Friday, June 19, 2009

Peter Hamilton, The Man Behind the Void

I'm an admirer of good world-building. That's the exception I make when I pick up the odd fantasy novel. Peter F. Hamilton is truly a master world-builder. He's been writing since 1987 and has steadily built momentum. For a full bibliography and bio, visit Peter's website where you'll also find links to four fan sites.

Peter Eyre/LRPS

AW: What was the first SF book you read?

PH: White Mountains By John Christopher

AW: When did you first know you were going to make it as a SF writer?

PH: My confidence to try a novel built up when the short stories I submitted to magazines in the late 80’s started getting accepted on a more regular basis, so I began to write Mindstar Rising which was eventually published professionally. When I got the first set of reviews for Reality Dysfunction I thought I could probably make it commercially.

AW: What writer most influenced you starting out?

PH: No one author in particular. The list would include, but not be limited to…
Asimov, Clarke, Julian May, Haldeman, Heinlein, Niven, Bova, Silverberg.

AW: Do you have people you bounce ideas off of?

PH: Not at the start, my initial creative process is a solitary one. The nearest I get to feedback at the beginning of the novel is drawing up a brief proposal for my publisher. After that (if they say yes) I’ll write the whole novel and send it to my agent. Once he’s made his comments it goes to the editors for their notes and my wife will sometimes make suggestions at this stage.

AW: How do you keep track of all the characters and details in a universe with so many complex story lines such as in your Void trilogy?

An awful lot of notes. I plan everything out at the start, from characters to the nature of the civilization the story is set in, to the techno-economy of the worlds, to starship technology. I also have fairly detailed chapter notes. This is essential to me, especially given the size of the series I write. The Void Trilogy took 6 – 9 months just to plan out before I even started chapter one.

Which of your books was the most fun to research?

Looking back I suppose it was Mindstar. This was way before the Internet and I spent hours at the local library finding out about the airship industry of the 1930’s. It was a topic which completely drew me in, and I read far more than was strictly necessary for the book. I wish I had that luxury of time nowadays.

AW: What advice do you give to aspiring writers?

Always; just keep writing. It’s the only way to understand the whole process of writing. That and remember there is no set way to go about writing a story or novel. Whatever method works for you, if it’s middle of the night, or a thousand words before breakfast… whatever.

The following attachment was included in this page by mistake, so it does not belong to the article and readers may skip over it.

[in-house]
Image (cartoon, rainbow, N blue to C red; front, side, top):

AW: What defense do you offer when you get the dreaded, "You write SF? I used to read that when I was a kid"?

After I’ve finished cringing? I try and explain that the genre has probably moved on, and you should give the modern stuff a try. After all there are some great writers out there now.

AW: I have enjoyed your Void series. In fact, I'm having withdrawals. When will the next book be available?

PH: I finish (in theory) writing the Evolutionary Void around Christmas (2009). So the publishers will shove it into their schedules for I believe mid/late 2010.

AW: If you could live anywhere on this world in any kind of home, where would it be and why?

PH: Having spent a fortune and years extending my own house I’m tempted to say I’ll just stay where I am. But if I did ever win the lottery I’d go for a new solar powered eco-friendly but still ultramodern house overlooking either Rutland Water or a beach in Cornwall. As to why, I’d like to see a shift towards more off-grid housing, reducing the strain on the ecology. The technology is there or is being developed.


For my review of The Temporal Void, visit Mostly Fiction.

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1 comment:

Anonymous said...

Just want to add that I read some great sci fi as a kid, starting from Asimov's lucky star (i think?) and moving on ...
Old Sci Fi has some great books and authors (E. E. Doc Smith for an example).

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